The Simone de Beauvoir Institute position includes more than an economic argument about accessibility. Beyond dollar amounts, I think the argument really needs to be about the kind of society we want to live in in Quebec. In that sense, education (and health care) create the conditions required for subjects to flourish in society and aren’t equivalent to purchasing power (even though that might be the way our flourishing gets defined in neo-liberal societies).

  3. Perhaps I need more tea, but I find the argument surprising disturbing. Suppose one says that the value of an education lies in the earning power it enables one to have. It seems pretty clear that in terms of that construal of value, women’s education on average has less value.

    What I find disturbing about this is the position in which this puts the remark “but the value of education is so much more than the resulting earning power.” That is, it starts to look like the many obviously inadequate remarks that say “true women on average don’t get equal X, but there’s so much more than X in the enterprise.” E.g., “women on average don’t get the powerful positions in academia, medicine, commerce, military, religion, but there’s so much more…”

    So now I’m wondering if the idea that education should not be evaluated in terms of its earning results is much, much more political than I had realized, and serves interests I probably want to disavow.

  4. I don’t think the De Beauvoir Institute said women’s education has less (market) value than men’s. It said that women with a diploma earn less than men with a diploma. But they would have earned less without a diploma than a man without a diploma, too.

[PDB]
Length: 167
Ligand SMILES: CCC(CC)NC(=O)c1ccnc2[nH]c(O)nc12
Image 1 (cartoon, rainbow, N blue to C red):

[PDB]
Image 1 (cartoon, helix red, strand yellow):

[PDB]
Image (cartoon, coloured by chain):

I think in Canada women are more likely to get degrees in less lucrative areas (health and education rather than economics and engineering) than men, which would suggest that in fact their degrees are worth less money to them. It’s not clear to me that this is a bad thing, or a bad thing for women in Canada.

    I was surprised at how large the gender income gap is in Canada, by the way. Huge. Fourth worldwide, after Korea, Japan, Germany.


  5. Jamie, is it the case, then, that on average women with the same degree – in terms of subject, school, honors, etc, – have the same earning power as men? Or is the debate taking place framed in other terms?

  6. I don’t know, Anne. I doubt it the earning difference is fully explained by type-of-degree difference. In Canada there seems to be a fairly stubborn gender earning difference all over the demographic spectrum, so my guess is that it would ameliorated but not eliminated if one regressed on subject of degree.

    Still, it’s not at all clear that a degree is worth less to a woman than to a man. Quite possibly they are worth about the same, but women are just going to be paid less anyway.

    This is depressing, isn’t it?

  7. Don’t get depressed. Men have had a huge head-start. We can’t expect to catch up to them in such a short amount of time. I think it’s great that the issue is being talked about more often and on such an international scale. Now the trick is to support ourselves and other women in the media and personally should they choose to concentrate on their careers. Even if they *gasp* have young children at home!